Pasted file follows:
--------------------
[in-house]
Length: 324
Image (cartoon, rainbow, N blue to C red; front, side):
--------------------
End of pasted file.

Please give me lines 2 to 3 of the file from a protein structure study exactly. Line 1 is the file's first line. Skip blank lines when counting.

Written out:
Length: 324
Image (cartoon, rainbow, N blue to C red; front, side):